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Unleashing the power of a campaign to change the law

27 April 2021

Charity campaigning is full on, after all changing people’s hearts and minds doesn’t happen overnight. Add to that campaigning, and keeping momentum going during a pandemic and you are bound to be faced with a whole host of fresh challenges that need to be creatively overcome. One charity that has managed this is Refuge – impressively gaining political support and ensuring a change of law during lockdown.

Refuge, which provides specialist frontline services to some 7,000 women and children in refuges and through their community support services every day, have changed the law to make threats to share intimate images a crime. The change will be enshrined in the Domestic Abuse Bill and become law this Spring.

Joining us ‘in conversation’ Lisa King, Refuge’s Director of communications and external relations, shares how the charity achieved this big success in lockdown and gives her advice for others working on political campaigning…

How did Refuge’s campaign to get the Domestic Abuse Bill changed start?

Our services, campaigns and pretty much every decision we make at Refuge is rooted in listening to the experiences and needs of survivors of domestic abuse. We ask women who come to our services what they experience, what are the issues that they face, and then we evolve our services. We do the very same with our comms and campaigns – we listen to the experiences of the women we support and call for change in state agency responses and, in this example, the law.

About three years ago, we set up a tech abuse team, because we increasingly heard women tell us they were being stalked, tracked, having their devices compromised by perpetrators using technology as a new form of weapon against them. So we wanted to keep women safe from that, but also to enable them to keep using technology, but to do so safely. Along that journey, we have also better understood the kind of tech abuse threats women experience. Increasingly we heard, especially from younger women, that they were being controlled by partners and ex-partners who threatened to share intimate images or videos. We knew it was a crime to share an image – but not to threaten to share an image. So we set about changing the law.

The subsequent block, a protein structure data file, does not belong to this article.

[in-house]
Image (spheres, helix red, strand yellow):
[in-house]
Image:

So tell us about The Naked Threat campaign?

We are a very small, but passionate team.  We created a theory of change to guide and shape our programme of work to make threatening to share intimate images illegal.  We looked at all the different ways in which we could harness our expertise and our contacts to make political and social noise around this issue. We commissioned our own research and created a political programme of work to start raising awareness and we identified a legislative pathway that could make threating to share intimate images a crime. The Domestic Abuse Bill, a Bill that has been four years in the making, gave us a strong vehicle through which we could call for this legislative change.

Our Refuge data, commissioned statistics and powerful survivor voices gave us very strong media content which we were able to use to place a plethora of high-profile media stories. We extended our press and social reach yet further when we enlisted the support of Zara McDermott, who had experienced imaged-based abuse, and one of our amazing survivors Natasha Saunders, who prosecuted her perpetrator and could speak openly about her experience.

We shared this powerful content with our supporter base and mobilised them to take action by sending an e-letter to four key bill decision making Ministers. A phenomenal 45,000 people took action.

We also reached out to one of our pro bono ad agencies AMV BBDO and asked would they be interested in helping us create public awareness of this campaign and together we came up with campaign name – The Naked Threat. The campaign idea was created around a modern ransom note – by using very identifiable social media graphics, fonts and imagery we created a powerful set of sinister visuals and messaging. Natasha shared her personal experience of having threats to share images and her story became the message of the ransom note.  AMV did a great job of harnessing that content to demonstrate the real life fear women who experience this issue live with – the video and social content we created is chilling.